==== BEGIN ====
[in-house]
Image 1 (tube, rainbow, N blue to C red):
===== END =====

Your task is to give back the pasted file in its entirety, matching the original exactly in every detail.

[in-house]
Image 1 (tube, rainbow, N blue to C red):